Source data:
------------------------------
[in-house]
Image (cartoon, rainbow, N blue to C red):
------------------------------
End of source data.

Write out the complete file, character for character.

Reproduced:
[in-house]
Image (cartoon, rainbow, N blue to C red):